Mona Haydar, a Muslim poet, activist, practioner of Permaculture, and mediator spoke at the UMC at Demarest’s fall forum on Oct. 16 under the banner of “Love Always.” Photo provided

Demarest UMC Explores Prophetic Forum

November 8, 2016 | | GNJ News

Last year, following the attacks in Paris and San Bernardino, a young American Muslim couple took a brave step to choose peace building over fear.

Mona Haydar and Sebastian Robins put signs on their car, stocked up on donuts and coffee and invited neighbors in their Cambridge, MA community to “Ask a Muslim.”

Haydar explains that they wanted to replace the existing social narrative that connects Islam with terrorism. “I’m just like you,” she says. “People want to equate terror with Islam. It is a fictional creation of our imagination. Terrorists comprise .004% of a faith made up of 2 billion people. The fact that Sebastian and I are out there helps change the narrative and humanizes Muslims.”

Noting the extensive news coverage they received, Haydar, who is a performance poet and activist, laughs saying, “When giving away donuts and coffee makes the news, surely it is a sign that we need more love in the world.”

Rev. Myung Sun Han of the UMC at Demarest invited Haydar to speak at the church’s fall forum on October 16. “Every fall, we invite one or two speakers who share about relevant social issues in prophetic ways,” he explains. “When I learned that Mona was a Master of Divinity Student at Union Theological Seminary in New York City, it was a great opportunity for our community to engage in interfaith dialogue with her.”

Am I Affirming Life?

Weaving together stories of faith, poetic expression, womanist theology and experiences of being a Muslim American, Haydar’s easy-going and open demeanor created space for respectful and enlightening conversation.

Haydar explained to the group who gathered at the UMC at Demarest that the “Ask a Muslim” initiative was a way for her family to present themselves, not as an authority of Islam, but “what it looks like to me as a practitioner. How I engage in the world in my everyday life.”

She says, “I am a Muslim by way of Abraham. By way of Jesus. By way of Mary, Moses, and Noah – people who brought the same message I am trying to bring.”

She shared that beyond the more overt rituals such as praying five times a day, “glorifying God and asking for God’s help,” her faith directs her to smile at every stranger because “A smile is charity.”

At the core of who she is as a Muslim, is the question, “am I affirming life? Am I creating lasting relationships?” she asks in every aspect of her life. “A Muslim is one who submits to that call to be in relationship with other humans to know God.”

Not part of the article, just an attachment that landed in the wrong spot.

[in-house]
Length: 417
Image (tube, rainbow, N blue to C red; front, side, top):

When asked about the significance of wearing hijab, Haydar explains that it is a spiritual discipline. “It is a reminder that I am so much more than this physical body. I’m not a piece of meat who can be consumed by those in the world.”

Noting that all Semitic traditions cover their heads, she continued, “When you sit in prayer, that channel is open. When you are in the world, you need to keep your energy sanctified.”

She shared that she was recently with her young son and two men began talking violently about her, threatening to rip the scarf from her head.

Haydar is concerned stories about violence against Muslims will become normalized. The best thing allies can do is stand with the person being harassed, she suggests. As a Muslim born in the U.S. with Syrian heritage, she says, “Christianity is embedded in U.S. culture and history. We need to heal some of the serious theological God problems we have in order to heal the world.”

She continues, “This is a Uni-verse . . . God’s poem written to us. It is structured so we can know each other to know God. We were made in the image of the creator.”

About Forums at the UMC at Demarest

Several years ago, the UMC at Demarest began holding forums in the fall and during Lent. Inviting speakers from the community, GNJ, and theological school faculty, guest speakers enhance the congregations’ understanding of a range of topics.

Rev. Han says that the fall forum series is focusing on “prophetic” topics including the interfaith conversation with Mona Haydar.  The series opened on October 9. Rev. Dr. Vanessa Wilson, chair of the GNJ Commission on Religion and Race spoke with participants about Cultural Competency. Rev. Han is considering a “pastoral” Lent forum that will focus on grief and healing.

In his closing prayer on October 16, Rev. Han prayed, “Teach us and lead us so that we see each other not as an objective or tool. Help us see each other as fellow human beings created in Your image.”